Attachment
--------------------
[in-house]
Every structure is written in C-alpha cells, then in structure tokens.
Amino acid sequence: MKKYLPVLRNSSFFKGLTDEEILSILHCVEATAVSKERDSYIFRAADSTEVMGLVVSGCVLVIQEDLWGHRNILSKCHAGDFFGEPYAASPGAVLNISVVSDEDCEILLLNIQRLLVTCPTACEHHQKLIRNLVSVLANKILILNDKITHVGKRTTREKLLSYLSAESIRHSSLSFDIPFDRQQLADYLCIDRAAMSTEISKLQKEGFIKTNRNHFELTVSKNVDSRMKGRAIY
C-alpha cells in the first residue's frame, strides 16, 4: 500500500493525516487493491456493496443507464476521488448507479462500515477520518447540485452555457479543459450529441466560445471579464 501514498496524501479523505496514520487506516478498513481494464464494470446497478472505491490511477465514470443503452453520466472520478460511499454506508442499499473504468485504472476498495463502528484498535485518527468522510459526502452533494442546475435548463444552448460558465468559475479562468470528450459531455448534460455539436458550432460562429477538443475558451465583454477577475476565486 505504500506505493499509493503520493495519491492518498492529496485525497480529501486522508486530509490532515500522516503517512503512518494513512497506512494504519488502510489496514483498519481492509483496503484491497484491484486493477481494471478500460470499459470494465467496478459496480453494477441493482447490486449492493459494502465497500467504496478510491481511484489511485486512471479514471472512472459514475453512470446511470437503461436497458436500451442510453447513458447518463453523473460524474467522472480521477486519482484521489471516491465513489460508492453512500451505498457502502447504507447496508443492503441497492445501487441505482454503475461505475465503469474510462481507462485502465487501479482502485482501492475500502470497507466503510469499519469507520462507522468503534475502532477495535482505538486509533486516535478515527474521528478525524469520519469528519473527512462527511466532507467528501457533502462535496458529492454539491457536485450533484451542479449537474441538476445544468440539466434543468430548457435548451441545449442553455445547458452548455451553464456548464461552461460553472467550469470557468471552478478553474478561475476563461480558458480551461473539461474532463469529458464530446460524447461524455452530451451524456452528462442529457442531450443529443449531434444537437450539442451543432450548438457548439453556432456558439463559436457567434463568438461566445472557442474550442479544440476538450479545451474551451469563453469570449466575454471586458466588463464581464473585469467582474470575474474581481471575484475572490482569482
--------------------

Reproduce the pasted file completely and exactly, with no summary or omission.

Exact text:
[in-house]
Every structure is written in C-alpha cells, then in structure tokens.
Amino acid sequence: MKKYLPVLRNSSFFKGLTDEEILSILHCVEATAVSKERDSYIFRAADSTEVMGLVVSGCVLVIQEDLWGHRNILSKCHAGDFFGEPYAASPGAVLNISVVSDEDCEILLLNIQRLLVTCPTACEHHQKLIRNLVSVLANKILILNDKITHVGKRTTREKLLSYLSAESIRHSSLSFDIPFDRQQLADYLCIDRAAMSTEISKLQKEGFIKTNRNHFELTVSKNVDSRMKGRAIY
C-alpha cells in the first residue's frame, strides 16, 4: 500500500493525516487493491456493496443507464476521488448507479462500515477520518447540485452555457479543459450529441466560445471579464 501514498496524501479523505496514520487506516478498513481494464464494470446497478472505491490511477465514470443503452453520466472520478460511499454506508442499499473504468485504472476498495463502528484498535485518527468522510459526502452533494442546475435548463444552448460558465468559475479562468470528450459531455448534460455539436458550432460562429477538443475558451465583454477577475476565486 505504500506505493499509493503520493495519491492518498492529496485525497480529501486522508486530509490532515500522516503517512503512518494513512497506512494504519488502510489496514483498519481492509483496503484491497484491484486493477481494471478500460470499459470494465467496478459496480453494477441493482447490486449492493459494502465497500467504496478510491481511484489511485486512471479514471472512472459514475453512470446511470437503461436497458436500451442510453447513458447518463453523473460524474467522472480521477486519482484521489471516491465513489460508492453512500451505498457502502447504507447496508443492503441497492445501487441505482454503475461505475465503469474510462481507462485502465487501479482502485482501492475500502470497507466503510469499519469507520462507522468503534475502532477495535482505538486509533486516535478515527474521528478525524469520519469528519473527512462527511466532507467528501457533502462535496458529492454539491457536485450533484451542479449537474441538476445544468440539466434543468430548457435548451441545449442553455445547458452548455451553464456548464461552461460553472467550469470557468471552478478553474478561475476563461480558458480551461473539461474532463469529458464530446460524447461524455452530451451524456452528462442529457442531450443529443449531434444537437450539442451543432450548438457548439453556432456558439463559436457567434463568438461566445472557442474550442479544440476538450479545451474551451469563453469570449466575454471586458466588463464581464473585469467582474470575474474581481471575484475572490482569482